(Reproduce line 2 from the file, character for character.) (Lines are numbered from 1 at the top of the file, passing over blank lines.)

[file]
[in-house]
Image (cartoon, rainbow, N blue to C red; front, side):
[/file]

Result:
Image (cartoon, rainbow, N blue to C red; front, side):